Canadian military to delete Bible verses from gun sights

By Ecumenical News International
January 29, 2010

Canada's military says it plans as soon as possible to remove references [to] phrases from the Bible citations inscribed on some of its firearm sights that have whipped up a storm of controversy - writes Leanne Larmondin.

Before a US television network broke the news story on 18 January 2010, armed forces around the world - including the United States, Britain, New Zealand and Australia - did not realise that U.S. manufacturer Trijicon had put biblical citations on firearm sights in use by forces in Afghanistan and Iraq.

Alongside the serial number on one type of Trijicon gun sight, an inscription reads JN8:12. In the New Revised Standard Version of the Bible, John 8:12 reads: "Again Jesus spoke to them, saying, 'I am the light of the world. Whoever follows me will never walk in darkness, but will have the light of life'.".

A Canadian Special Operations Forces Command spokesperson said the military has a limited number of the affected sights but he said the inscriptions are inappropriate and the armed forces will move as quickly as possible to rectify the situation.

Canadian military technicians are examining how to remove the inscriptions without damaging the sights. Trijicon, a Michigan-based company has a US$660 million contract to provide up to 800,000 sights to the US Marine Corps, and additional contracts to provide sights to the U.S. Army.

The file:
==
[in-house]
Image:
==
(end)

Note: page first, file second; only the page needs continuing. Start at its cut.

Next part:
Trijicon announced it would provide free modification kits to remove the Scripture citations but it is uncertain when the kits will be available to Canadian forces.

In a 20 January statement on its website, Trijicon said future orders for the US military would not include the inscription. The company noted, "As part of our faith and our belief in service to our country, Trijicon has put Scripture references on our products for more than two decades."

General David Petraeus, head of the US Central Command, said he found it "disturbing" that the references were put on the gun scopes because of the perception they might convey that the US was on a Christian crusade in its war against Islam, an accusation that it indeed faces from some Muslims.

Australia and New Zealand also expressed concerned about the biblical references inscribed on the firearm sights.

[With acknowledgements to ENI. Ecumenical News International is jointly sponsored by the World Council of Churches, the Lutheran World Federation, the World Alliance of Reformed Churches and the Conference of European Churches.]

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